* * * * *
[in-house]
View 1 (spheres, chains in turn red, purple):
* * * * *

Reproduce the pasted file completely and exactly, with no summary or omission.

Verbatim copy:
[in-house]
View 1 (spheres, chains in turn red, purple):